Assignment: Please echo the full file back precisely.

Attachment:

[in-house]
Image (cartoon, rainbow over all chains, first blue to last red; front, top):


[in-house]
Image (cartoon, rainbow over all chains, first blue to last red; front, top):